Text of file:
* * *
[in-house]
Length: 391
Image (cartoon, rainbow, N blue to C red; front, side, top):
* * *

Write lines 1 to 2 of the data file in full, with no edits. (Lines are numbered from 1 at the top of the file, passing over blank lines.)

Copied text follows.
[in-house]
Length: 391